Predictions
Vegas has this game even as a pick-em and that was reflected in this week's national prediction roundup, with the Bengals gaining just a slight edge overall. 

ESPN: Six of nine experts picked the Bengals

CBS Sports: Five of eight experts picked the Bengals

FOX Sports: Four of five experts picked the Eagles

Eagles-Bengals: 5 matchups to watch

Eagles-Bengals: 5 matchups to watch

The Eagles (5-6) have lost six of their last eight games and travel to Cincinnati to face a Bengals team that dropped to 3-7-1 last week. 

Judging by the records, this is a game the Eagles should win easily, but of course it's not that easy. And these two teams aren't that far apart (see story)

The Eagles are absolutely desperate. They would likely need to win their last five games to make the playoffs. 

It'll have to start with a win in Cinci this weekend. Here are five matchups to watch. 

Wendell Smallwood vs. Bengals' run D
With Ryan Mathews (knee) out again this week, expect to see plenty of rookie Smallwood on Sunday afternoon (see story). He carried the ball just nine times against the Packers, but the Eagles barely ran the ball. On Friday, Doug Pederson said Smallwood wasn't the reason why. 

There should be some decent opportunity for Smallwood this weekend against a Bengals defense that has given up 120.5 yards per game on the ground, the fifth worst average in the NFL. They've given up 100-plus yards on the ground if four of the last five weeks. 

Allen Barbre vs. Carlos Dunlap
Dunlap leads the Bengals with 6½ sacks and he'll get to face off against Barbre, who's a veteran but is now out of position. With rookie Halapoulivaati Vaitai still out with his knee injury, Barbre is the new right tackle.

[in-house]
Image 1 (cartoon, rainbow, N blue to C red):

Another matchup will be Geno Atkins vs. the Eagles' guards. Atkins lines up on both sides of the line, but he'll likely see plenty of Stefen Wisniewski instead of Brandon Brooks. 

Tyler Eifert vs. Malcolm Jenkins/Nigel Bradham
With the injury to A.J. Green, whom Eifert said was the Bengals' best player, Eifert has become Cincinnati's No. 1 target. 

He was targeted 11 times and had five catches for 68 yards and a touchdown last week against the Ravens. 

He'll see a mix of Jenkins and Bradham on him this Sunday. 

Cedric Ogbuehi vs. Brandon Graham
The Bengals have one really good offensive tackle on the left side of the line (Andrew Witworth) and Ogbuehi on the other. So far this season, Ogbuehi, according to ProFootballFocus, has given up eight sacks, three quarterback hits and 29 quarterback hurries. Only three offensive tackles have given up more sacks than Ogbuehi this year. 

With Witworth likely shutting down Barwin and with Fletcher Cox likely getting double-teamed inside, Graham vs. Ogbuehi might be the Eagles' best opportunity to create pressure. 

Jeremy Hill vs. Eagles run defense
The Eagles, at times this season, have had trouble with running backs who run hard. And they've at times had trouble with missing tackles. 

That could be a problem against Hill. This could be a grind-it-out type of game for both teams, which means Hill could play a huge role. Of his 644 rushing yards this year, 404 have come after contact. To put that into perspective, Ezekiel Elliott leads the league in rushing yards after contact, but 62.7 percent of Hill's yards have come after contact, compared to 57 percent of Elliott's.